Study in Science Finds Personality For a Dog is Not a Matter of Breed


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Beagles are scent hounds, prone to wander as they follow their noses. But Bonnie the beagle is a couch potato.

Beagles are known for chumminess. Clyde the beagle, however, enjoys his independence.

Beagles are noted for their gentleness, but gentle would not describe Mikey the beagle’s rapid-fire high-jumps.

Beagles, reportedly, don’t make good watch dogs. But Rocky the beagle alerts his family to the slightest disturbance.

Such discrepancies are explained in a sweeping study published Friday in the journal Science. It found that, despite conventional wisdom, breed doesn’t much predict personality traits in an individual dog.

The research on the genomics of dogs reveals that breed accounts for only 9 percent of the variation in behavior. It means that behavior within a breed varies about as much as behavior between breeds.

So descriptions of border collies as smart, retrievers as outgoing, and bulldogs as courageous are merely stereotypes. 

A dog, it turns out, is a dog unto itself.

So true, said Heather Sabia, owner of beagles Bonnie and Mikey.

“I would say beagles are stubborn, some more than others. But you can say that for any breed,” Sabia said. Among the beagles, “there’s a lot of individuality.”

Louise Sabia, Heather’s mother, owns beagles Clyde and Rocky. Louise said beagles came into her family in the 1940s, when she was a child and the beloved family mutt, Patches, was killed by a car. Patches had a friend – a beagle that lived one street over.

“Every day after Patches died, that beagle came to our house and waited for Patches to come home,” Louise Sabia said. “My mother was so impressed that she went and got a beagle.”

In the 1960s, after Louise married and Heather was born, Louise’s brother brought them a beagle that someone was giving up.

“We’ve had beagles ever since,” Louise said.

Between the two, they’ve had a dozen beagles over the years.

“I just love their size, not too big that you can’t pick them up and hug them, and not too small. And I love their big, soft ears,” Heather said. “They like to be petted and they’re loyal. But each one is different.”

Now science explains it.

Researchers surveyed the owners of 18,385 dogs, roughly half  purebred – 128 breeds were represented – and half mixed-breed. They asked owners to answer dozens of questions about their dogs’ behavior. Researchers also obtained saliva samples from 2,155 dogs and sequenced their DNA. 

They found that, though behavioral traits can be inherited, behavior crosses breed lines.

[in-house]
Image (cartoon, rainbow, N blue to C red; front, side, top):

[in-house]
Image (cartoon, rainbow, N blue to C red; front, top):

“Modern dog breeds are less than 160 years old,” researchers wrote in their report, “a blink in evolutionary history compared with the origin of dogs more than 10,000 years ago.”

Modern dog lines date to Victorian England, when people started inventing breeds by selecting for traits based on how they wanted dogs to look.

More than 80 percent of a dog’s appearance can be tied to DNA, the study found.

But the genetic traits that determine behavior have been around a lot longer than the breeds, so dogs have much behavior in common.

The study showed that behavioral traits ascribed to modern dog breeds are determined by multiple genes, influenced by many environmental factors, and found in all breeds in varying degrees. 

Researchers discovered 11 genetic markers associated with certain behaviors. But none of the markers was breed-specific.

Some behaviors are rooted in a dog’s genes, such a trait among border collies to respond well to training, researchers found. Mutts with many border collie ancestors tended to respond well to training, too.

But researchers identified no marker in the genes of Labrador retrievers to indicate sociability, a trait for which they are known. And they found little connection between breed and aggressive behavior, which could affect perceptions of breeds that have been deemed dangerous.

Researchers said dogs are a good resource for studying the genetic basis of personality traits because much is known about them – they live in millions of homes, sharing environments with humans, and they receive sophisticated medical care, including for behavioral disorders.

But researchers issued a word of caution: “Dog breed is generally a poor predictor of individual behavior and should not be used to inform decisions relating to selection of a pet dog.”

Louise Sabia could have told them that.

“I really don’t know much about the breed,” she said. “I just love the dogs.”

Angela Carella

For 36 years prior to joining the Connecticut Examiner, Angela Carella was a beat reporter, investigative reporter, editor and columnist for the Stamford Advocate. Carella reports on Stamford and Fairfield County. T: 203 722 6811.